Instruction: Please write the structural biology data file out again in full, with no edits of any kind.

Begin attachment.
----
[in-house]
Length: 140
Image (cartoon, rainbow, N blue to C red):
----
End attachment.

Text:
[in-house]
Length: 140
Image (cartoon, rainbow, N blue to C red):